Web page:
HomeColumnsCassandra Harris-LockwoodBig B: Radio Don’t Stop

Big B: Radio Don’t Stop

Utica’s Black Music scene will miss Phoenix Radio DJ

By Cassandra Harris-Lockwood

Though I didn’t know Bryson for very long I sure knew who he was, and that was at the top of Utica’s contemporary Black music scene. Hip Hop was not very familiar to me when I started the radio station but I understood it as a powerful art form that consumed the consciousness and character of Black culture and the commitment of Black DJ’s.

I had not been a part of Utica’s bar scene during the 80’s or house party scene during the 90’s and into the 00’s where DJs were so prevalent. They defined birthday parties, anniversaries, family reunions or just plain fun in homes, in parks or in clubs and bars, they were there spinning tunes and scratching and blending. But the stories were numerous and legendary about Big B and his skills. Most especially the heyday of WPNR at Utica College and Bryson was always acknowledged as the top DJ among DJs.

I also learned that Hip Hop had become the most popular music genre on the planet. People of all ages and across generations in town acknowledged Big B as the top DJ in Utica and the surrounding area. People still marvel at his ability to create magical mix tapes especially for them and his impeccable skill to please and move a crowd with his selections. It was understood that had Bryson gone to any other market he would have risen to the top and been a standout there as well. We were lucky to have our Big B.

Bryson also immediately understood the power of the radio medium and set a standard for those who were there and those who have come after. He knew the unique significance of Black folks having the ability to speak with an independent voice to and he protected it with a serious bearing.

I did a lot of watching and listening when 95.5FM the Heat started up. I watched the leaders and the DJ’s as they came along and came and went. Some were cruel. Some were kind. Many didn’t last but, when the dust settled, it was Bryson who maintained and sustained the operation. He was attentive, reliable, skillful, funny, talented and he was a confident leader. He was our Head DJ and Studio Manager and his passing created not only a devastating loss in so many hearts but a hole in the technical operation of the radio station. To say he is missed is an understatement.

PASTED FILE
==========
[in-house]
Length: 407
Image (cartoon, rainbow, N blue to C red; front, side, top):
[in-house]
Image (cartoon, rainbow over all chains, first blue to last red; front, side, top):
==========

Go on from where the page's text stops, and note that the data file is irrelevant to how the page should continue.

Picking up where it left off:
I miss Bryson’s artistry, his humor, his handsome smiling face, his strength and reliability, his intelligence, his leadership skills and his resonant, smooth and powerful  voice. Bryson was a standout on so many levels that it’s really impossible to quantify his loss.

The Collins family and loved ones still grieve and so do we here at Phoenix Media. But we carry on because he would want us to do that. In his own words, “Radio don’t stop.”

Big B Included in Oneida County Black History Archive at Hamilton College

We are all very proud to announce that Bryson Keith Collins will always be remembered as a local Hip Hop legend. With the donation of his original turntables by his nephew and Phoenix Radio staff DJ, Alex Pollard, he will be included as the focal point of the developing new  Hip Hop exhibit of the Black History Archive on the Hill.

Christian Goodewillie, curator of Special Collections of the Burke Library writes, “The Fillius Jazz Archive and Special Collections at Hamilton College is pleased to accept the donation of one of Collins’s turntables, which will be preserved and made available to students and scholars studying Hip-Hop and Utica’s Black history.”

Community participation please

The college is interested in adding to the collection early ephemera, such as event flyers and posters, mix tapes, and oral histories from participants in the Utica Hip-Hop scene. Relevant papers, visual materials, and a sampling audio recordings (preferably oral histories/period mix-tapes; commercial recordings, locally produced or by local artists; and finally, this collection will be a discrete part of the Oneida County Black History Archive, which is itself a collection within the Central New York Manuscripts collection.

The public can contact Phoenix Radio with information about any materials intended for donation.    

Most Popular